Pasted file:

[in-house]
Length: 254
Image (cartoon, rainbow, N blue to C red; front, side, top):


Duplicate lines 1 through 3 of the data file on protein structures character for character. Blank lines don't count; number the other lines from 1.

[in-house]
Length: 254
Image (cartoon, rainbow, N blue to C red; front, side, top):